What Feminism Gets Wrong: The Antidote To Patriarchy Is Humanism
I have been thinking about modern feminism over the last few months and have finally found the time to write my thoughts down. It all started when I watched the movie Trainwreck. It’s a pretty good film, written by and starring Amy Schumer, who is paving the way for unconventional female leads with her über honest and raw brand of comedy.
There are many things I like about the movie. I like that the female lead character is the one that is afraid of commitment. I like that she drinks and swears and smokes weed. I like that she doesn’t have to play nice all the time. I think this is realistic and therefore refreshing compared to the formulaic movies that entrench gender stereotypes, especially the ones about women needing to be sweet and nice and pretty and the ones that position men as wild, sexualized creatures that need to be domesticated.
But there is something that I don’t like about the movie. I have a problem with the way her character treats men like sexual objects. I realized half way through the film that I felt uncomfortable with her relationships (if you can even call them that) because of the way her interactions were comparable to male characters’ in more conventional media depictions.
You see the thing is, I have a gripe with modern feminism on this front. I am all for equality of the sexes but I feel like the way this is often articulated, at least in mainstream media, is that women should be “allowed” to behave as men do. From this standpoint, equality of the sexes for modern feminism, is about women treating men like sexual objects, exhibiting dominating behaviour in the workplace and in other relationships, and generally being aggressive.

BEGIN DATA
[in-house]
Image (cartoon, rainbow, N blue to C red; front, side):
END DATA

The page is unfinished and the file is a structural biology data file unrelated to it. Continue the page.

But is this really what feminism should be promoting? Don’t get me wrong. I believe that women have the right to fuck and fuck over whoever they want. We are all human and therefore capable of aggressive and sexualized behaviour. And I believe we have equal capacities for both. But how does this elevate us as a gender? And for that matter, how does that elevate us as a species? In my mind it is not worth being equal to men if that means equal to the appalling lowly behaviours promoted through patriarchy.
Patriarchy has far-reaching consequences for men and women. While women have been oppressed and silenced for millennia, men have been forced into narrowly defined roles in society. Patriarchy is extremely limiting. And the dog-eat-dog mentality of capitalism compliments it nicely. The behaviours that are valued and rewarded are ones that are generated out of greed and a desire for power, domination and control. If we as feminists feel we have succeeded in establishing equality because we have the freedom to behave in this way, then I am afraid I do not want any part of that success.
I don’t want to be a part of a feminist movement that believes that women are more powerful if they treat men like objects, or choose to dominate and control others through sex and aggression. Patriarchy has set that model up nicely and we can all see that it has failed. It fails women and it fails men.